yellow-rumped warbler

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Related to yellow-rumped warbler: Audubon's warbler

yel·low-rumped warbler

A small gray-brown or greenish-brown warbler (Dendroica coronata) with prominent yellow patches on the head, rump, and sides of the chest, found throughout North and Central America.
References in periodicals archive ?
Another Common Rosefinch was on Bardsey on Saturday, where a Golden Oriole sang on Sunday, though the pick of the rarities was in Pembrokeshire, where a Yellow-rumped Warbler from North America was found on RSPB's Ramsey Island.
Warblers in winter are rare indeed, the one exception being yellow-rumped warbler. "Butterbutts" are uncommon this time of year, but we do see a few.
FACT In 2014, a yellow-rumped warbler, which should have been spending winter in South America, was spotted in a garden in Durham.
In 2014, a yellow-rumped warbler, which usually spends winter in South America, turned up in a garden in Durham.
We also considered the suite of 17 transient wood warblers together [excluding Yellow-rumped Warbler (Setophaga coronata coronate), which was abundant]: Golden-winged (Vermivora chrysoptera), Tennessee (Oreothlypis peregrina), Orange-crowned (O.
Yellow-rumped Warbler songs delivered early in the breeding season prior to the arrival of the females differed from songs delivered before dawn later in the season after the arrival of the females, with rare exception.
"Our mum took a picture and showed it to RSPB staff who identi-fied it as a yellow-rumped warbler. We were shocked that such a rare bird would come to our normal garden in County Durham."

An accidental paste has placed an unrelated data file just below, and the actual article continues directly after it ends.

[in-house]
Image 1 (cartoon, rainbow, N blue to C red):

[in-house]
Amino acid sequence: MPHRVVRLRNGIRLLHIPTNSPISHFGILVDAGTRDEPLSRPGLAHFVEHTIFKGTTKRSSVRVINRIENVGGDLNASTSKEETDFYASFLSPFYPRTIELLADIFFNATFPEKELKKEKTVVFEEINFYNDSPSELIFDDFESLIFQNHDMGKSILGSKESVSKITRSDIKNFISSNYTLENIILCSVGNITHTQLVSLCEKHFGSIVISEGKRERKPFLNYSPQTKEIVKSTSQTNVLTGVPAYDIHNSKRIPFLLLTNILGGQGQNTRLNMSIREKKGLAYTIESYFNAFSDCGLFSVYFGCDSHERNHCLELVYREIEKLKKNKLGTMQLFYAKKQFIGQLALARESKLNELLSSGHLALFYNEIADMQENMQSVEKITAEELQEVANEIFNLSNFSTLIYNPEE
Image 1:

And there were nearly two dozen other species, like the brilliant red vermillion flycatcher, the yellow-rumped warbler, the golden-fronted woodpecker, and the yellow-headed verdin.
There was the parula, or blue yellow-backed warbler; the black-throated green warbler and one known by the bright color of its little, bitsy haunches: the yellow-rumped warbler. "Its nickname is `butterbutt,'" Ms.
The second axis (eigenvalue=0.141) reflected the distribution of the Yellow-rumped Warbler Dendroica coronata.
Conversely, the following seven species were present in the burned site, yet absent in the unburned: Indigo Bunting, Yellow Warbler, Yellow-throated Warbler (Dendroica dominica), Warbling Vireo (Vireo gilvis), Swainson's Thrush (Catharus ustulatus), Red-headed Woodpecker (Melanerpes erythrocephalus), and Yellow-rumped Warbler (Dendroica coronota).
Conversely, 21 species occurred after 1950 that had not been reported prior to that year: green-winged teal, northern pintail, greater scaup, common goldeneye, red-breasted merganser, golden eagle, gyrfalcon, black-bellied plover, ruddy turnstone, sanderling, least sandpiper, white-rumped sandpiper, Thayer's gull, Iceland gull, glaucous gull, American robin, northern wheatear, yellow-rumped warbler, blackpoll warbler, Harris's sparrow, and white-crowned sparrow.